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‘It’s Not The Guns’: Kentucky Governor Says Video Games Are to Blame For School Shootings


‘It’s Not The Guns’: Kentucky Governor Says Video Games Are to Blame For School Shootings

As the nation struggles to make sense of the horrific mass shooting that took place at a high school in Parkland, Florida this week, Kentucky Gov. Matt Bevin called for the nation to consider restrictions on violence in video games and movies, not guns.

On Wednesday, 17 people were killed in the latest mass shooting in the U.S., a scenario that has become all too familiar to anyone who reads the American news. Now that the obligatory genuflection at the altar of thoughts and prayers has been completed, conservative pundits and politicians around the country have moved on to the next step in the uniquely American ritual of gun violence: casting about for scapegoats that can bear the terrible weight of blame for these crimes — particularly those that have nothing to do with guns.

Mental illness has become a convenient talking point for NRA-backed Republicans, despite the fact that mentally ill people are responsible for only a tiny fraction of gun violence — and are far more likely to experience violence than to commit it. And now Kentucky Governor Matt Bevin has reached down into the political grab bag of scapegoats to pin the blame on another familiar boogeyman: video games.

In an interview on the Leland Conway show on Thursday, Bevin says that “guns are not the problem.

“We need to have an honest conversation as to what should and should not be allowed in the United States as it relates to the things being put in the hands of our young people,” Bevin explained.

What shouldn’t be put in the hands of young people? Violent video games and movies, Bevin said.

“I’m a big believer in the First Amendment and right to free speech, but there are certain things that are so graphic as it relates to violence, and things that are so pornographic on a whole another front that we allow to pass under the guise of free speech, which arguably are,” Bevin said. “But there is zero redemptive value. There is zero upside to any of this being in the public domain, let alone in the minds and hands and homes of our young people.”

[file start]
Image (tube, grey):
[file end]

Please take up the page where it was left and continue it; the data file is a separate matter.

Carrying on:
Since taking office two years ago, Bevin has often lashed out at calls for gun control in the wake of shootings. “You can’t regulate evil,” Bevin tweeted in the wake of the Las Vegas shootings.

MAR-15-style rifles have been used in multiple mass shootings in recent years, including the high school shooting in Parkland, Florida.

Bevin, however, sees the spree of shootings as a cultural problem, not a firearm problem. And he sees violent entertainment as the root of that cultural problem.

“Go back before any of this existed,” Bevin said. “How many children walked into other schools and slaughtered other children? What more evidence do you need? The people who say there is no evidence are full of crap.”

But Bevin wouldn’t say what he thinks the threshold should be for too much violence in entertainment.

When Conway asked whether he would support a ban on violent video games, Bevin does not respond directly but instead poses a question of his own: “Why do we need a video game, for example, that encourages people to kill people?”

One could — and should — ask the same question about semi-automatic and automatic weapons whose sole function is to kill as many people as possible. It is nothing short of a tragedy that too many of our politicians never will.

While studies on the link between violent games and aggression are inconclusive, declaring that the imaginary bullets of video games are more dangerous than actual bullets that tear apart the bodies of their victims requires an Olympian level of mental gymnastics — but one that becomes necessary when more obvious conclusions are considered politically untenable.

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